Arts & Culture News

Warning: The Nasher's New Show Could Cause Transcendence

The first time I tried meditation, I failed. We sat by the fireplace in my friend's living room as she guided us, peacefully through the steps. "Focus your mind forward and imagine a constant, something you've seen and trusted the existence of your entire life -- the moon, the sun -- and hold it gently ahead at a distance," she coaxed. Eyes closed I pressed my mental viewfinder forward, fumbling through hazy variations of things I should know intimately.

Finally, something appeared: a perfectly defined mushroom cloud.

I've chased emptiness for years, but never got as close to it as I did today, sitting with Ernesto Neto in the middle of his new exhibition "Cuddle on the Tight Rope."

Viewing this massive work from the outside, it resembles a multicolored macrame caterpillar that twists slightly, filling the length of the Nasher's atrium-style gallery. Each of the caterpillar's feet act as the work's structural base, grounding it and distributing the weight of it and its temporary inhabitants. Looking at its interior is a different experience entirely.

Crocheted hammock material in brilliant patterns and shifting shades hangs through the middle, anchored at the base with a pathway of small plastic balls, similar to what you'd find at a McDonald's playland. They are bundled together with the same woven fiber as the rest of the work, and resemble a long, diverging, climbable body pillow. We took our shoes off, gripped the hammock-like sides and stepped inside the tree house.

I pulled gently, letting my fingers dip in and out of the weave while my heels, arches and toes pushed down into the balls. They shift. They depress under your weight. They feel secure and even adventurous. When we reached the interior, "the stomach" of the caterpillar, the path diverged into a figure eight. There, we sat.

Ernesto has commissioned his work for places all over the globe, hanging drops of fabric in Paris' Panthéon, a suspended work in Argentina, but this piece he designed specifically for this room and it's his first climbable work that is anchored to the ground, rather than the roof. Existing underneath architect Renzo Piano's famous glass ceiling, tempered light filled the space. The simplicity of Neto's open weaving invited it to flow through the work of art, below it, and all around it. While I sat in this state of suspension I was overwhelmed by its lack of boundaries. And after a while, I felt my weight, but not the ropes holding it. It was as though energy, gravity and light had woven together to keep me elevated.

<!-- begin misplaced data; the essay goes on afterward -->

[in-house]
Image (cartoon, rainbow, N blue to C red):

We said half-sentences. Each of us occasionally trailing off as our minds flirted with non-existence, emptiness. I pressed my face into the ropes, leaned back and forth. The cocoon swung gently, like a pendulum. The Brazilian-born artist smiles when he talks about gravity, time -- and better, the lack of each.

He would like to have a moment where he could turn living off and then turn it back on. We move too much. We chase time, and consider it and money an even exchange, he said. Ernesto would rather time just stop for a while, that we would all simply be.

We are quiet. We are weightless. We shift. We swing.

When I leave the womb of "Cuddle on the Tightrope" I tug my boots back on. Soon, I remember everything: the deadlines, gotta get gas, I should stop eating lunch from the vending machine, and decide to excuse myself rather than linger. Rather than do what I want to do: climb back inside, play and rest. When I returned to my car, it was drizzling. I slid into my seat, sat my belongings down, and wept.

"Cuddle on the Tightrope" opens tomorrow and runs through September 9 at the Nasher. Five are allowed on at a time and you can remove your shoes on one of Ernesto's custom benches -- they're woven sacks filled with plastic balls.

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